A journalist friend of mine, whom I've known for many years, was working on a segment for his radio program, and he wanted my recollections about a certain classic rock song from June 1970: "Ohio," by Crosby, Stills, Nash & Young. It brought back a lot of memories for me: I was in college radio at the time it came out, a deejay and the music director at WNEU, Northeastern University in Boston. We played the song immediately, but many AM Top-40 stations did not; they saw it as too controversial, and avoided it. Back in 1970, there were a growing number of college and FM "underground" stations, and we were all playing album tracks; increasingly, those songs were about current events.
If you remember the late 1960s and early 1970s, you know that the music reflected the turbulent times we were in, when the Vietnam War was still dominating the headlines and polarizing the nation. On many college campuses, students were participating in anti-war protests, and there were numerous artists who recorded anti-war songs-- some, like Jefferson Airplane's "Volunteers" album, mainly got played on FM; but a few protest songs managed to get some AM airplay, like "Fortunate Son" by Creedence Clearwater Revival. Protest songs in general were a problem for top-40 program directors: their goal was to play songs that were short, fun to listen to, and not offensive to anyone.
Fortunately, there were still plenty of great pop songs that sounded good on a car radio. A look at the Billboard charts for the first week in May saw the Jackson Five's "ABC" at number one, with the Beatles' "Let it Be" at number two, and Norman Greenbaum's catchy hit "Spirit in the Sky" at number three. Of course, there were some "message" songs on the charts-- the Guess Who's "American Woman" was at number four, and John Lennon's "Instant Karma" rounded out the top five. (My personal favorite song from that week was a ballad by the Scottish band Marmalade, "Reflections of My Life." It was number thirteen and moving up. The song's lyrics really spoke to me. But that's a story for another day.)
"Ohio" was especially problematic for AM top-40, because it was critical of President Nixon, and it spoke out, eloquently and emotionally, about the tragic incident that occurred on May 4th at Kent State University, when National Guard troops opened fire on student anti-war protesters, killing four of them. (You have undoubtedly seen the iconic photo taken at the scene, showing a young woman screaming and crying out, as she kneels by the body of one of the dead students. Neil Young has said that when he saw the photo in a magazine, it influenced him to write the lyrics to "Ohio.") On college campuses, and at FM album rock stations, the song received heavy airplay: it reinforced for many of us the anger we felt about the war, as the number of American troops who were dying in Vietnam continued to increase.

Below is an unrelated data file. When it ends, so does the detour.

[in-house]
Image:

Looking back, it seems strange to think that "Ohio," along with the events that inspired it, happened fifty years ago. So much has changed in society since then, and while some of the changes have been positive, the one change that affected me was what happened to radio. Broadcasting gradually became more corporate, on both AM and FM; and the freedom we had back then to break news songs and give artists we believed in a chance was replaced by chain owners who tightly controlled the playlists. Eventually, many of the live and local deejays were replaced by voice-tracking or satellite or syndication. Many college radio stations have gone dark, and while radio still has many fans, it is no longer the cultural force it used to be.
But in May and June of 1970, the country was in turmoil, and radio reflected those divisions. People turned to top-40 music for comfort, and there were plenty of songs about peace and love-- by the end of May, the number one song was "Everything Is Beautiful" by Ray Stevens. Of course, everything wasn't beautiful. Over on FM radio, the songs reflected a very different world, where President Nixon was a polarizing figure, anti-war protests were intensifying, and the future looked very uncertain to many of us. I had graduated, and despite being one of the better-known college music directors and a popular deejay, I was about to confront a radio industry that still didn't hire women. Compared to male friends of mine who were getting shipped off to Vietnam, I supposed not being able to find a job wasn't nearly as bad. But it was another frustration, in a difficult time, when music (and radio) were what helped me get through it, in the days of the war, fifty years ago this week.